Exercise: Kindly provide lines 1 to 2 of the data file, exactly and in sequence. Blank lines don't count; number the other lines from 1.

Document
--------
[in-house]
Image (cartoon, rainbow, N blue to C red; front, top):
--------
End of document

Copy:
[in-house]
Image (cartoon, rainbow, N blue to C red; front, top):